To show that the rotary-powered Cosmo Sport was a sports car of world-class performance, Mazda entered a pair of them in the beyond-grueling 84-hour Marathon de la Route on the Nürburgring Nordschleife. The 10A engines were fitted with a neat butterfly valve system that allowed them to switch from a side intake port at low rpm to a peripheral port at higher revs. The revs were capped at 7000—and thus power at about 130 horses—for durability.
With just three hours to go on the third and final day, one of the cars had to retire with a broken axle. The second car survived the distance and placed a remarkable fourth overall, quite an achievement for a brand-new car featuring a completely new type of engine.
Mazda continued racing their rotaries, and the big payoff came in 1991 when a 700-horsepower, normally aspirated, quad-rotor Mazda 787B captured the overall win at the 24 Hours of Le Mans. Today, rotary-powered Mazdas can be found at nearly all kinds of sports car events, from local autocrosses and club races to American Le Mans Series professional endurance contests.
Publisher Tim Suddard took a spin in Leno’s Cosmo for some quick driving impressions. “The car is smaller than you would think,” he remarked. “The overall size is way more like a first-gen RX-7 than a second-generation car. The styling is just plain cool, like a mini Japanese T-bird. No real ugly lines, but pure funky outside, while the inside is nearly as straightforward as an MG.”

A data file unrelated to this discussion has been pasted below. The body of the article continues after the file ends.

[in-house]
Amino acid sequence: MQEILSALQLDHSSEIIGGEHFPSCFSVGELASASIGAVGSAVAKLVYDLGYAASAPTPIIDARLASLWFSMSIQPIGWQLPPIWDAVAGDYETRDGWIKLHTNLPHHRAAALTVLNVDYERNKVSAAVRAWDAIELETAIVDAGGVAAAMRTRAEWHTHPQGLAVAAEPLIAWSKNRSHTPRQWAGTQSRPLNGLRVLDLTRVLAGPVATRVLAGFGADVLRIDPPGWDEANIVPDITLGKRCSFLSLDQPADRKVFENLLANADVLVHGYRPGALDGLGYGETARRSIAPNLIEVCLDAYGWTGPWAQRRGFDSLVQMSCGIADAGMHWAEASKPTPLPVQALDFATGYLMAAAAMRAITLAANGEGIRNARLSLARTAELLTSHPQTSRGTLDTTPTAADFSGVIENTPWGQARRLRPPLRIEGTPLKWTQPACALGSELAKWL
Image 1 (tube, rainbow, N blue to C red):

Despite the fact that the car is nearly 40 years old, he observed that the chassis felt thoroughly modern, with no vices at moderate speed. “The ride quality is real decent, no squeaks or rattles or much wind noise,” Suddard said. “The brakes feel spongy—they might just need work, but they’re barely adequate. It’s about as fast as a Triumph TR6, tighter, but the brakes are not as good.”
This particular 1970 Series II Mazda Cosmo belongs to all-purpose car fanatic and “The Tonight Show” host Jay Leno. While each of the cars in his garage are special, the Cosmo Sport has several attributes in that it’s rare, it’s attractive and it came off the assembly line with an unusual powerplant.
“I’ve always liked them, and it was the first rotary car. I want one of every type of engine,” Leno told us. The original owner was a Lockheed U-2 spy plane pilot. He sold the car in the 1980s, and it sat in a garage in California for 16 years until Leno caught wind of it and snapped it up. Leno and his crew have spiced things up a bit, swapping in a larger displacement 12A-spec engine fed by a big Weber carb. The upgrades have given the car a healthy dose of horsepower and it gleams under a poster created from the original brochure.